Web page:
Ethical approval for the study was provided by the Ain Shams University Ethical and Research Committee. An informed consent was obtained from all participants after they were informed about the details of the study and that venous blood samples will be collected. Patients were ensured about the confidentiality of information. Participation in the study was completely voluntary, and patients were informed that they could withdraw from the assessment at any time. Moreover, they were informed that withdrawal from the study would not affect their management.
The patients were assessed by a semistructured interview on the basis of the interview (questionnaire) sheet of the Institute of Psychiatry, Ain Shams University Hospital, and the diagnosis was made on the basis of the ICD-10 symptom checklist.
The diagnosis of MetS and its components was made on the basis of the International Diabetes Federation (IDF) criteria 15. Although it appears that the IDF definition for MetS is not much different from other organizations’ definitions, it is much more applicable for use in various studies and researches than other definitions as it is more clinically applicable and easy to apply 16. Baseline evaluation of blood pressure (BP) using a single mercury BP monitor and laboratory investigations for the three groups were performed before antipsychotic medications were provided for the two case groups and as an initial assessment of the participants studied.
The three groups were subjected to the following assessments:
(a) Subsequent BP monitoring at the same time each day, (b) measurement of anthropometric variables, waist circumference (WC) monitoring, and BMI on the basis of weight and height (kg/m2) 17,18, and (c) laboratory investigations including assessment of fasting blood glucose (FBG), using the oral glucose tolerance test, which was performed if the results of FBG were above 100 mg/dl, and lipid profile including assessment of triglyceride (TG), cholesterol, and high-density lipoprotein (HDL) level. Interpretation of the oral glucose tolerance test was carried out on the basis of the 1999 WHO Diabetes criteria 19. Elevated BP was defined when BP was more than 130/85 mmHg, abdominal obesity (WC: women>88 cm, men>102 cm), low HDL level (women<1.3 mmol/l, men<1.03 mmol/l), and high TG level (1.7 mmol/l) 20.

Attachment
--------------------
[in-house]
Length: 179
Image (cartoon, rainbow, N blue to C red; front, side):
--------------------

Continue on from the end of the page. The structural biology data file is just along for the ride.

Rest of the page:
The results were analyzed using the statistical package for the social science (SPSS; version number 15; Echosoft Corp., USA). Description of quantitative variables was in the form of mean±SD and range whereas that of qualitative variables was in the form of frequency and percentage. Student’s t-test of two independent samples was used to compare quantitative variables; paired Student’s t-test and one-way analyses of variance were used. Significance was set at 0.05. When the P value was less than 0.05, the test was considered significant.
In our study, 20 patients [13 (65%) men and seven (35%) women] with schizophrenia, mean age 36.9 (SD=8.8), 20 patients [16 (80%) men and four (20%) women] with bipolar affective disorder, mean age 36.8 (SD=8.5), and 20 controls [13 (65%) men and seven women (35%)], mean age 36.8 (SD=8.7), were recruited.
Table 1 shows descriptively the sociodemographic profile of the participants recruited.
Table 2 shows a high and a very high significant difference between the three participant groups. Body weight, WC, BP, FBG, total cholesterol, and TG levels were found to be significantly high among the two groups of patients with schizophrenia and bipolar disorders compared with the control group, whereas HDL levels among the two patients groups were significantly lower compared with the control group.